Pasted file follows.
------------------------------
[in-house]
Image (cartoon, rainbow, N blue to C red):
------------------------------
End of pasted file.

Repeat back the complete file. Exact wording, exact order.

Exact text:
[in-house]
Image (cartoon, rainbow, N blue to C red):